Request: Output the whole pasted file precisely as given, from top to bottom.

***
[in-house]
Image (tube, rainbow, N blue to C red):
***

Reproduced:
[in-house]
Image (tube, rainbow, N blue to C red):